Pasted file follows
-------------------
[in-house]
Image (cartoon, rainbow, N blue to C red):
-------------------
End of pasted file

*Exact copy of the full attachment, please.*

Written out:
[in-house]
Image (cartoon, rainbow, N blue to C red):